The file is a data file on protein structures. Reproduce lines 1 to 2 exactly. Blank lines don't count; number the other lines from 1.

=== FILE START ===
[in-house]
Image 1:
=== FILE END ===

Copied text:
[in-house]
Image 1: